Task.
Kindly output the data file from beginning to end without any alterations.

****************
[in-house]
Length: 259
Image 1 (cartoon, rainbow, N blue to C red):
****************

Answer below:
[in-house]
Length: 259
Image 1 (cartoon, rainbow, N blue to C red):